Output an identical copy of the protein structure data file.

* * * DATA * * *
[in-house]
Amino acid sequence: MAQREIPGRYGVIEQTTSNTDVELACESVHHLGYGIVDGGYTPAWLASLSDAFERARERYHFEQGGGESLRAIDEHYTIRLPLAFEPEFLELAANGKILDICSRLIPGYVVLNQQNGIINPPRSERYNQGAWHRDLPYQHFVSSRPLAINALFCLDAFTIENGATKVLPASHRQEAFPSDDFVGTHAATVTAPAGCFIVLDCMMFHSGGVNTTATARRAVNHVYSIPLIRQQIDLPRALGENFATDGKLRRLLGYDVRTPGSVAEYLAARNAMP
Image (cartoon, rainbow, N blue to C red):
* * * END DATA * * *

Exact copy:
[in-house]
Amino acid sequence: MAQREIPGRYGVIEQTTSNTDVELACESVHHLGYGIVDGGYTPAWLASLSDAFERARERYHFEQGGGESLRAIDEHYTIRLPLAFEPEFLELAANGKILDICSRLIPGYVVLNQQNGIINPPRSERYNQGAWHRDLPYQHFVSSRPLAINALFCLDAFTIENGATKVLPASHRQEAFPSDDFVGTHAATVTAPAGCFIVLDCMMFHSGGVNTTATARRAVNHVYSIPLIRQQIDLPRALGENFATDGKLRRLLGYDVRTPGSVAEYLAARNAMP
Image (cartoon, rainbow, N blue to C red):